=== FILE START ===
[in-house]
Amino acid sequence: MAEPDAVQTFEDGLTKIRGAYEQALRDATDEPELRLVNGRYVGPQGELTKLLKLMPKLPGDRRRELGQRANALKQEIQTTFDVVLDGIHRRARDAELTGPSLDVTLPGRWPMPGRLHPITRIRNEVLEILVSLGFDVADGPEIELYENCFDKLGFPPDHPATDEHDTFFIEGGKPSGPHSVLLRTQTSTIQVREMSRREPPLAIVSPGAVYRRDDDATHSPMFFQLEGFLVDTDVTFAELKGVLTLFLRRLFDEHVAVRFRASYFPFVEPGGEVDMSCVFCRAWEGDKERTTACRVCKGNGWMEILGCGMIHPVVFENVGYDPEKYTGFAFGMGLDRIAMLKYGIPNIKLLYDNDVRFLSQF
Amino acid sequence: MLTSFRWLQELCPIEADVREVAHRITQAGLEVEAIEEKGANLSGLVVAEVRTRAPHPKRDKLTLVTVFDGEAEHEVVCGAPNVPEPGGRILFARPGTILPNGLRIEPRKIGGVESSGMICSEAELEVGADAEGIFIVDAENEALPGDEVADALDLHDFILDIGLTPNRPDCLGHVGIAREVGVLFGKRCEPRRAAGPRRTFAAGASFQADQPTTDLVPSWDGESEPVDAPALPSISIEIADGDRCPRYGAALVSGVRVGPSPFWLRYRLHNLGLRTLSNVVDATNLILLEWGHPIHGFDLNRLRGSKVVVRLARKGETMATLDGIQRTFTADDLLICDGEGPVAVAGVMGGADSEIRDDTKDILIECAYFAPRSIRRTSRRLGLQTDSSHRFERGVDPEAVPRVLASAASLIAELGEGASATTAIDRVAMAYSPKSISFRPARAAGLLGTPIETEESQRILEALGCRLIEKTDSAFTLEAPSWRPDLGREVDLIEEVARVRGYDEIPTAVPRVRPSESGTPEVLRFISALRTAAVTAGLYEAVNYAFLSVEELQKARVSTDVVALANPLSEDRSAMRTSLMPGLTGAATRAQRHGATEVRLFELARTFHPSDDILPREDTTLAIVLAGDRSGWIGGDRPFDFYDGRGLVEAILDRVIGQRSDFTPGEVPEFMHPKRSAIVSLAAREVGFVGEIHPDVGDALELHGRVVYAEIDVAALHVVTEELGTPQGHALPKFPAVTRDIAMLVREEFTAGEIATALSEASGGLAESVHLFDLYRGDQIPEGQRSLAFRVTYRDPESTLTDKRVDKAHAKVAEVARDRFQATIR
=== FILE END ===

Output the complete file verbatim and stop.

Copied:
[in-house]
Amino acid sequence: MAEPDAVQTFEDGLTKIRGAYEQALRDATDEPELRLVNGRYVGPQGELTKLLKLMPKLPGDRRRELGQRANALKQEIQTTFDVVLDGIHRRARDAELTGPSLDVTLPGRWPMPGRLHPITRIRNEVLEILVSLGFDVADGPEIELYENCFDKLGFPPDHPATDEHDTFFIEGGKPSGPHSVLLRTQTSTIQVREMSRREPPLAIVSPGAVYRRDDDATHSPMFFQLEGFLVDTDVTFAELKGVLTLFLRRLFDEHVAVRFRASYFPFVEPGGEVDMSCVFCRAWEGDKERTTACRVCKGNGWMEILGCGMIHPVVFENVGYDPEKYTGFAFGMGLDRIAMLKYGIPNIKLLYDNDVRFLSQF
Amino acid sequence: MLTSFRWLQELCPIEADVREVAHRITQAGLEVEAIEEKGANLSGLVVAEVRTRAPHPKRDKLTLVTVFDGEAEHEVVCGAPNVPEPGGRILFARPGTILPNGLRIEPRKIGGVESSGMICSEAELEVGADAEGIFIVDAENEALPGDEVADALDLHDFILDIGLTPNRPDCLGHVGIAREVGVLFGKRCEPRRAAGPRRTFAAGASFQADQPTTDLVPSWDGESEPVDAPALPSISIEIADGDRCPRYGAALVSGVRVGPSPFWLRYRLHNLGLRTLSNVVDATNLILLEWGHPIHGFDLNRLRGSKVVVRLARKGETMATLDGIQRTFTADDLLICDGEGPVAVAGVMGGADSEIRDDTKDILIECAYFAPRSIRRTSRRLGLQTDSSHRFERGVDPEAVPRVLASAASLIAELGEGASATTAIDRVAMAYSPKSISFRPARAAGLLGTPIETEESQRILEALGCRLIEKTDSAFTLEAPSWRPDLGREVDLIEEVARVRGYDEIPTAVPRVRPSESGTPEVLRFISALRTAAVTAGLYEAVNYAFLSVEELQKARVSTDVVALANPLSEDRSAMRTSLMPGLTGAATRAQRHGATEVRLFELARTFHPSDDILPREDTTLAIVLAGDRSGWIGGDRPFDFYDGRGLVEAILDRVIGQRSDFTPGEVPEFMHPKRSAIVSLAAREVGFVGEIHPDVGDALELHGRVVYAEIDVAALHVVTEELGTPQGHALPKFPAVTRDIAMLVREEFTAGEIATALSEASGGLAESVHLFDLYRGDQIPEGQRSLAFRVTYRDPESTLTDKRVDKAHAKVAEVARDRFQATIR